I ain't no freakin monument to justice!

Yeah, otscotty, that's something that I use my blog ([shameless plug]www.gamerchris.com[/shameless plug]) for a sometimes as well.

It's really cool that we can have a big, collective conversation about so many different aspects of our hobby through podcasts, forums, BGG, blogs, and maybe even occasionally in person (gasp!).

I Think the Starcraft pre-order idea is pretty interesting. It gives the publisher (and the individual retailers) a better idea of how much demand the product is generating, and where best to support that demand.

Also, it gives an obvious reason for a consumer to GO to a retail shop in the first place... something which I've personally found less and less appealing since online retail took off.

I like the preorder idea. With all the worry and uproar about the potential "price fixing" from game companies, this (like the promos that DoW gave when BattleLore was released) is a cool way for them to support brick and mortar stores without necessarily hurting the online retailers' ability to still make money.

Give the FLGS some love, people!

Good to hear from you, Gavin. Hope things at Robot Martini are going well.

I can see how providing promo material that is useable in the actual game can certainly be a good way to bring out some extra support to local brick and mortar game stores. Just as Gamer Chris said, the extra figs for BattleLore definitely added value to the game and could easily make it worth the trip to the store. A few posters for a related computer game (StarCraft), doesn't really seem like incentive to me.

My main point is I don't think promo incentives should or need to be coupled with preferential price treatment. In other words, there are ways for game publishers to show Friendly Local Game Stores (FLGS) some love that don't end up raising game prices for consumers across the board.

There are two issues at play here.

1. Local game stores have to find new ways of doing business to stay in business because competition from online ventures is not going to go away.

2. Some game publishers are inching toward a two-tiered pricing system prejudicing brick and mortar business over online ones.

I don't think issue #2 is the salvation or solution to issue #1.

As for pre-orders giving a publisher a better idea of demand, that information is only accurate (and therefore useful) if you allow pre-orders from all forms of business (onlilne AND brick and mortar). There are many places without a local game store and gamers in those areas would be excluded if pre-orders are only allowed or counted from brick and mortar stores.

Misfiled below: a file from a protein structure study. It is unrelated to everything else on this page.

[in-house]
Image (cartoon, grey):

I have quite a few years experience working in a local brick and mortar game store, so I definitely understand how great a resource they can be in supporting interest in games. I just think the whole price fixing issue could very well be a boondoggle for local stores and will take time and energy away from coming up with other ways to branch out and find new ways to serve people.

Since the GS forum seems to be for suggesting new topics, I'll follow the last guy's example and post this here- hope that's okay...
Thumbs up all round, and congratulations on some surprising selections. I'll go ahead and follow the same pattern- two bad, three (mostly) good, and a couple of honorable mentions. I'll ignore "super" versions of games where the original remains available.
COSMIC ENCOUNTER (BAD)- I would have put money on Dave picking this one for all of the reasons he described. I'd still have it if the art hadn't so completely failed to grasp the original's character. Cosmic was never a dark and serious science fiction epic and the rorshach blot sub-Giger aliens lack the humor that defined the game. Worse, though, is the sacrifice of the elegant warp cone, one of my favorite bits ever, for a tacky plastic monstrosity and its clumsy little rockets. There's where your fifth and sixth player budget went. Not everything has to be a miniatures game and here it merely boosts the game's price (and carbon footprint, come to that) while making it more awkward to actually play. My nightmare for any future Avalon Hill upgrades in the age of plastic.
KILL DR. LUCKY (GOOD) - As much as I appreciate James Ernest's work, I've never understood why this is his most popular title. Still, I have to acknowledge the improvements in the "Director's Cut" edition with Spite tokens and the dog-when I saw "rule variants" in your poll, this is what I thought of. Irritatingly, some of this was made an expansion for the ritzy version- from the creator of Cheapass games, 8 bucks for a small wooden dog and three rules variants is just flat out wrong. Fortunately, the B&W version is fine by me.
CAR WARS (BAD) - Well thought-out, undeniably needed and nicely executed, the revival of the 1980's classic was still DOA, killed out of the gate by its own company with a bizarre marketing strategy that involved spreading the game material over a series of what looked like flimsy comic books, each of which contained the same basic rules and stats and counters for only two cars. Which you had to cut out yourself. Apparently waiting for the CCG bug to bite, Steve Jackson games delayed the release of the rules for building and customizing new cars for so long that by the time they were released (if indeed they ever were) nobody cared anymore. One of the most famous games of its time was rendered irrelevant within a year.